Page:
The opinion of the court was delivered by: Cedarbaum, J.
MEMORANDUM OPINION AND ORDER
Plaintiff Jerry Jones sues defendants Richard Syron, the former CEO of Federal Home Loan Mortgage Corporation ("Freddie Mac"), and Anthony Piszel, Freddie Mac's former CFO, for violations of Sections 10(b) and 20(a) of the Securities Exchange Act of 1934, 15 U.S.C. §§ 78j(b) & 78t(a), and Rule 10b-5 thereunder, 17 C.F.R. § 240.10b-5. On March 27, 2012, after an evidentiary hearing on the efficiency of the market for Freddie Mac's Series Z preferred shares ("Series Z"), I denied plaintiff's motion to certify a class. Plaintiff's expert was unreliable and unpersuasive, and plaintiff failed to show by a preponderance of the credible evidence that the market for Series Z was efficient during the proposed class period. See In re Fed. Home Mortg. Corp. Sec. Litig., 281 F.R.D. 174, 181-82 (S.D.N.Y. 2012). Thus, the fraud on the market presumption of collective reliance did not apply, and on the element of reliance, individual issues predominated over collective ones. On May 1, 2012, I denied a motion for reconsideration, and on May 31, 2012, the Second Circuit denied plaintiff's petition for an interlocutory appeal pursuant to Fed. R. Civ. P. 23(f).
At a July 18, 2012 status conference, plaintiff stated that he intended to file another motion for class certification. I directed the parties to submit authority concerning whether, under Fed. R. Civ. P. 23(c)(1)(C), a successive motion should be permitted. The parties briefed the issue, and plaintiff submitted a declaration from a new proposed expert.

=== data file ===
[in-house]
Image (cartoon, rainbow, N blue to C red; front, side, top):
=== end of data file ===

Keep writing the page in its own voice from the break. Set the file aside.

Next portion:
While district courts have "ample discretion" to consider a revised class certification motion after an initial denial, In re Initial Pub. Offering Sec. Litig., 483 F.3d 70, 73 (2d Cir. 2007), the circumstances here do not warrant re-argument or additional expert testimony about the efficiency of the market for Series Z. In this case, plaintiff presented evidence about the efficiency of the market at an evidentiary hearing that spanned four days. Since that hearing, the facts pertinent to the efficiency inquiry have not materially changed, and plaintiff has not made a showing of changed circumstances. Cf. Terrill v. Electrolux Home Prods., 274 F.R.D. 698, 700-01 (S.D. Ga. 2011) (permitting a renewed motion for class certification because defendant belatedly produced relevant evidence); Gutierrez v. Johnson & Johnson, 269 F.R.D. 430, 433-34 (D.N.J. 2010) (denying a renewed motion for class certification that was based on additional discovery).
Without evidence of changed circumstances, plaintiff effectively seeks a new opportunity to engage in a battle of the experts. Plaintiff was free to choose his most persuasive expert in support of class certification. A plaintiff who wants to lead a class action should be prepared to put his best foot forward on the initial application. Plaintiff now seeks to file a third successive application for class certification. Plaintiff's new expert cursorily states that evidence supports a shorter class period, or two or more subclass periods. This proposed new class definition is not an adequate basis for reopening a question that has been exhaustively litigated. Accordingly, plaintiff's request for leave to file a renewed motion for class certification is denied.
MIRIAM GOLDMAN CEDARBAUM United States District Judge
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